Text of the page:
How can non-US investors -- from Europe and Asia -- lower their taxes and diversify their portfolio using the US system? What tax problems must one avoid? We help our world-wide clientele deal with the very complicated US tax code so that they do not miss out on any opportunities.
Regardless of your citizenship status, if you want to have some of your portfolio invested in the US financial system then we can help you. We find that the best way to explain how some of the complicated tax strategies work is with real-life examples.
So let's talk about Wu. He lives in Hong Kong and is married with two children. He makes $300,000 a year as an executive. He has a stock portfolio of $2.5 million and rental real estate in Hong Kong and Singapore of about $4.5 million. He has one life insurance policy of $500,000.
He read that the US is one of the best places for a non-US person to invest as rental income and stock dividends are not subject to income tax, and he can defer gains on real estate indefinitely. While he likes Hong Kong, he appreciates the value of diversifying.
While Wu would avoid US income taxes by investing in real estate and stocks as a US-person, all of these assets would be subject to the US estate tax if they are titled in his name! The top US estate tax rate for non-US persons is 40%.
We tell our clients --- never own stocks, securities or real estate in your own name if you are a non-US person.
If you want to avoid estate and income taxes, we will want to structure your portfolio using various US corporations or LLCs along with various foreign companies at a minimum. We can help non-US persons set up the proper structures.
We do not offer investment advice; having a professional adviser is a great idea.
For some of our clients, investing in a US life insurance policy works out best for them. The problem with life insurance is that it makes people think of their own death, and sometimes there are high mortality costs which make it an inefficient investment vehicle. Also, management and commission fees can drag down the portfolio's performance. But the advantages of life insurance are significant. Investments grow tax-free, and you can take tax-free loans. The US insurance market is highly stable and politically secure. It can be a great place to put a large portion of your portfolio.
Private Placement Life Insurance (PPLI) essentially allows you to pick a portfolio you wish to invest your policy in and has lower management costs. PPLI also offers more flexibility on how to pay into the policy.
Regardless of a standard whole life policy or a PPLI, a US life insurance policy can provide significant tax benefits while "insuring" against a change in lifestyle. Here's the real benefit: No matter where he goes, no matter what changes in his life, Wu doesn’t have to change anything. The income earned in a US life insurance policy will be income and estate tax-free, while his investments are safe and secure.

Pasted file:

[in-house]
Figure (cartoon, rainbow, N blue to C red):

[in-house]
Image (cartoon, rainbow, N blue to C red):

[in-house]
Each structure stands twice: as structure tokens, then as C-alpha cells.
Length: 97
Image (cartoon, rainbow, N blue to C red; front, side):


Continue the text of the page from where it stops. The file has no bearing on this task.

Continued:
If he decides to live anywhere in the US, he can --- all tax-free. And remember, California has a top tax rate of 13.3% that Wu won't even need to consider (although his neighbors will).
Now, what if Wu lives in China? How can we deal with capital controls?
If we assume we have no workarounds, then Wu can get $50,000 per family member per year, for a total of $200,000 each year. If he bought a US life insurance policy, in a little over four years, that policy would be worth $1 million USD. And here’s the thing— he can take loans against the policy. Maybe 5 years, 10 years in the future, his children are in college in the US and decide they want to stay in the US. Maybe Wu will change his mind and want to become a US person then. Perhaps he'll look into the EB-5 investor program. In this case, Wu has immediate access to his funds and has the flexibility to make the lifestyle change he wants to.
Thinking forward: The EB-5 is a great program but is currently wait-listed for Chinese. The E-1 and E-2 programs are great but Chinese citizens do not qualify. Something to think about is getting citizenship in countries that do have E-1 treaty...countries like Brunei, Taiwan, South Korea, Mongolian, Philippines, Singapore, Thailand — and Australia. E-1 has no wait list.
Here's another way to work around those capital controls. Once you give up Chinese citizenship, the capital controls are gone. We had a married Chinese couple in the US where the wife gave up citizenship. All of their stocks were previously moved into her name. But once she was no longer a Chinese citizen, she sold her Chinese stocks and transferred money into new US investments.
There are other more elaborate ways to avoid capital controls, but as you can imagine they require extra special precautions --- these are things we have helped many investors with.
We can work with your legal team and advisers already in place to implement a strategy that’s going to balance your desires and objectives with a solid strategy. You or one of your advisers can contact us to discuss your unique goals. We have clients from all over the world and are very familiar with tax treaties from countries on every continent.
You can also call us at 888-727-8796 or email firstname.lastname@example.org.
We invite you to review success stories and case studies of clients of ours.